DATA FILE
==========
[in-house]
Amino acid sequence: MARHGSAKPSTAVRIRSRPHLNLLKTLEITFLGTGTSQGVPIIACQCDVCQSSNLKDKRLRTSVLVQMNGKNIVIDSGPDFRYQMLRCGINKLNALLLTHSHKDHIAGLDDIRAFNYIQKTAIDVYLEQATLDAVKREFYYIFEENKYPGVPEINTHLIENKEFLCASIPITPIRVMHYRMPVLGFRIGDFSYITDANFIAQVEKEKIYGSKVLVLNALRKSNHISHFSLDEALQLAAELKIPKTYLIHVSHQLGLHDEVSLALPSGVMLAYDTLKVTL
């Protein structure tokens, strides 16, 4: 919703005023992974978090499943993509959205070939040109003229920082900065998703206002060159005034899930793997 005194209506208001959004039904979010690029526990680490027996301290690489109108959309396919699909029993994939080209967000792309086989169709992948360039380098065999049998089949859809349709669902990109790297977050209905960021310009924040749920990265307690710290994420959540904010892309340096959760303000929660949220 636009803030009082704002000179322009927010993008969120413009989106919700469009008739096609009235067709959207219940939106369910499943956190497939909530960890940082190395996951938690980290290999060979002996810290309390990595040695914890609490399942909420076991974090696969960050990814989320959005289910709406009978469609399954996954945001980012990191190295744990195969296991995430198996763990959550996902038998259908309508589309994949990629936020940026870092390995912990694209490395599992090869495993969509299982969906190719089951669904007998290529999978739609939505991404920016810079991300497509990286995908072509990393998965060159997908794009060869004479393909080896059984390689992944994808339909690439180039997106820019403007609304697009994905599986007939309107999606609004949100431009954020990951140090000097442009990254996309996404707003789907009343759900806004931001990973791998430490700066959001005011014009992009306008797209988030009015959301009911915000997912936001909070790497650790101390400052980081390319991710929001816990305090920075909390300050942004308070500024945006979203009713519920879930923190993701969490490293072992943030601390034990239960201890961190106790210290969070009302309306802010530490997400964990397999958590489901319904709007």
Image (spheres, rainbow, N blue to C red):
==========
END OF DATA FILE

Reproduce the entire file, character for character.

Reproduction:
[in-house]
Amino acid sequence: MARHGSAKPSTAVRIRSRPHLNLLKTLEITFLGTGTSQGVPIIACQCDVCQSSNLKDKRLRTSVLVQMNGKNIVIDSGPDFRYQMLRCGINKLNALLLTHSHKDHIAGLDDIRAFNYIQKTAIDVYLEQATLDAVKREFYYIFEENKYPGVPEINTHLIENKEFLCASIPITPIRVMHYRMPVLGFRIGDFSYITDANFIAQVEKEKIYGSKVLVLNALRKSNHISHFSLDEALQLAAELKIPKTYLIHVSHQLGLHDEVSLALPSGVMLAYDTLKVTL
């Protein structure tokens, strides 16, 4: 919703005023992974978090499943993509959205070939040109003229920082900065998703206002060159005034899930793997 005194209506208001959004039904979010690029526990680490027996301290690489109108959309396919699909029993994939080209967000792309086989169709992948360039380098065999049998089949859809349709669902990109790297977050209905960021310009924040749920990265307690710290994420959540904010892309340096959760303000929660949220 636009803030009082704002000179322009927010993008969120413009989106919700469009008739096609009235067709959207219940939106369910499943956190497939909530960890940082190395996951938690980290290999060979002996810290309390990595040695914890609490399942909420076991974090696969960050990814989320959005289910709406009978469609399954996954945001980012990191190295744990195969296991995430198996763990959550996902038998259908309508589309994949990629936020940026870092390995912990694209490395599992090869495993969509299982969906190719089951669904007998290529999978739609939505991404920016810079991300497509990286995908072509990393998965060159997908794009060869004479393909080896059984390689992944994808339909690439180039997106820019403007609304697009994905599986007939309107999606609004949100431009954020990951140090000097442009990254996309996404707003789907009343759900806004931001990973791998430490700066959001005011014009992009306008797209988030009015959301009911915000997912936001909070790497650790101390400052980081390319991710929001816990305090920075909390300050942004308070500024945006979203009713519920879930923190993701969490490293072992943030601390034990239960201890961190106790210290969070009302309306802010530490997400964990397999958590489901319904709007």
Image (spheres, rainbow, N blue to C red):